8) Developed nations spend a lot of their budgets on international aid.

Wikimedia: Russavia

How much do you think the United States spends in international aid every year? It’s probably less than you think . When asked how much of the national budget was spent on foreign aid the average American responded with 25%. The actual amount is less than 1%. Even the most generous nation in the world, Norway, gives less than 3% a year. When asked how much the United States should spend on foreign aid, the average response was 10%.

There is a fine line between international aid and tax havens. Unfortunately, this world is a filthy place, people use people, people try to cover it up, and poor people are put on the line. Many thanks to the reporters of the world who finally dug in the issue. Money laundering at its best!

 9) Relying on aid hurts developing nations.

The argument usually goes like this: “If developing nations rely on foreign aid, they will never develop their own economies.” However, it is important to remember that the aid that directly saves lives, such as medicine and food, is really an investment in the nation’s future. Without a strong and healthy population there is truly no hope for independence from aid.

I totally disagree with this. This is clearly an elitist Western-centric thinking. In the first place, international aid agencies have their own development plan without even consulting local communities. There is no exit plan. The only goal is to dispose off the aid money, use the people, publish the program for promotional purposes, then leave. In the end, this does more harm than good. I’ve been a field-based development worker for four years and it always hurts knowing international agencies are more interested to know of how you disposed off your budget than your research’s findings and recommendations. That’s why I left development work in December 2014.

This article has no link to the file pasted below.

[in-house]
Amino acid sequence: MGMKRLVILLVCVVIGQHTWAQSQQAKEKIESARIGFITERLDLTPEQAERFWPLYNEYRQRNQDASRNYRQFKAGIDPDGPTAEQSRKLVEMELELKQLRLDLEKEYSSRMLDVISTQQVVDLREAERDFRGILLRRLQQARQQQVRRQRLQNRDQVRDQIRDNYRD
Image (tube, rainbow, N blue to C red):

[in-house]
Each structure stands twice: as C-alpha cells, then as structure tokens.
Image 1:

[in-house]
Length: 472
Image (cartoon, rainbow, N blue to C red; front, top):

10) Volunteering in a developing nation is the best way to make a difference.

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Wikimedia: Elitre

A common misconception, although a valiant one! However, volunteering in a developing country usually benefits the volunteer more than locals, unless you have specific, applicable skills like medicine or engineering. The volunteer will learn a lot but will likely have little impact on community development. The best aid is the kind that gives locals the ability to craft their own institutions that can continue on long after the trickle of aid money has come to an end. Traveling to teach English for a month is not near as impactful as funding the local schoolteachers who will live and work there for their entire careers.

To make a lasting impact takes time, energy, patience and dedication. It can be frustrating. It WILL take years. It’s a mission that can take a lifetime.

11) Pictures of starving people, or sad children, are a great way to motivate people to make a difference.

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huffingtonpost.ca: This goes for any photo we want to share!

There is a name for the type of imagery that is supposed to shock people in developed nations with the realities of extreme poverty: “poverty porn”. While there is a time and place to document suffering, it is important to make sure the person in the photograph is aware of what the picture will be used for, and that the image is presented with context. When photos of children with distended bellies are used as symbols instead of portraits of living people, they are erased as individuals. Everyone deserves to be treated respectfully and presented with dignity: as a person with their own dreams, character, and motivations. Although these images undoubtably work at provoking sympathy, advocacy efforts need to be motivated by accurate information and these images don’t tell the whole story.

This is seriously insensitive. I really abhor these images. First off, every photo should be given consent by the subject person prior to publication. How are bloggers and writers able to do this when their subjects live thousands of miles from their home countries with no access to the internet or to phones? 

12) People living in extreme poverty are poor because they made bad choices.